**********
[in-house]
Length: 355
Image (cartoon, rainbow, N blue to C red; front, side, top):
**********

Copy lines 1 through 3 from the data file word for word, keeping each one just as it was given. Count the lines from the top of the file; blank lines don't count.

[in-house]
Length: 355
Image (cartoon, rainbow, N blue to C red; front, side, top):